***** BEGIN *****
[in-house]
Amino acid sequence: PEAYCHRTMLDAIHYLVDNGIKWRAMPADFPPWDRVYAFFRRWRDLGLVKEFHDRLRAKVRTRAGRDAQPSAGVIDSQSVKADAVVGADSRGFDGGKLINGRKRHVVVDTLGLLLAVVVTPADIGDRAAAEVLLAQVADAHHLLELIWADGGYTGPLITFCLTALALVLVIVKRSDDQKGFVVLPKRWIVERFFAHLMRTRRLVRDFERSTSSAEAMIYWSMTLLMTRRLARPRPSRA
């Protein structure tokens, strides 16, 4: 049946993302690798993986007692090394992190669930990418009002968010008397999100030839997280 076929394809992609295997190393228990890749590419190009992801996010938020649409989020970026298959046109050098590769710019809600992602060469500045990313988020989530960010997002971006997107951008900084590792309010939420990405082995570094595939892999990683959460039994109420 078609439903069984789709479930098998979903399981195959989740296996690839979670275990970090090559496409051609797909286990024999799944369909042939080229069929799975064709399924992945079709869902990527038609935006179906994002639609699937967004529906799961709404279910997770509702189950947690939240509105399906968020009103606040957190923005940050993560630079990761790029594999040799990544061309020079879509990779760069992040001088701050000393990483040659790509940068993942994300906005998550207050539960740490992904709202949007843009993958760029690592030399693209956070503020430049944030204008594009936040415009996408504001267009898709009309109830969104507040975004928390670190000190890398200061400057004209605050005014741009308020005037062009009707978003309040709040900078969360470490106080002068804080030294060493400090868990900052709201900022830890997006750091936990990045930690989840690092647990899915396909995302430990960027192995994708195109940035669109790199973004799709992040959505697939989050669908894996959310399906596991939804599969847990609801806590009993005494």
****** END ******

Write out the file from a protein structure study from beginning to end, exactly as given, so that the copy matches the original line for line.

[in-house]
Amino acid sequence: PEAYCHRTMLDAIHYLVDNGIKWRAMPADFPPWDRVYAFFRRWRDLGLVKEFHDRLRAKVRTRAGRDAQPSAGVIDSQSVKADAVVGADSRGFDGGKLINGRKRHVVVDTLGLLLAVVVTPADIGDRAAAEVLLAQVADAHHLLELIWADGGYTGPLITFCLTALALVLVIVKRSDDQKGFVVLPKRWIVERFFAHLMRTRRLVRDFERSTSSAEAMIYWSMTLLMTRRLARPRPSRA
């Protein structure tokens, strides 16, 4: 049946993302690798993986007692090394992190669930990418009002968010008397999100030839997280 076929394809992609295997190393228990890749590419190009992801996010938020649409989020970026298959046109050098590769710019809600992602060469500045990313988020989530960010997002971006997107951008900084590792309010939420990405082995570094595939892999990683959460039994109420 078609439903069984789709479930098998979903399981195959989740296996690839979670275990970090090559496409051609797909286990024999799944369909042939080229069929799975064709399924992945079709869902990527038609935006179906994002639609699937967004529906799961709404279910997770509702189950947690939240509105399906968020009103606040957190923005940050993560630079990761790029594999040799990544061309020079879509990779760069992040001088701050000393990483040659790509940068993942994300906005998550207050539960740490992904709202949007843009993958760029690592030399693209956070503020430049944030204008594009936040415009996408504001267009898709009309109830969104507040975004928390670190000190890398200061400057004209605050005014741009308020005037062009009707978003309040709040900078969360470490106080002068804080030294060493400090868990900052709201900022830890997006750091936990990045930690989840690092647990899915396909995302430990960027192995994708195109940035669109790199973004799709992040959505697939989050669908894996959310399906596991939804599969847990609801806590009993005494």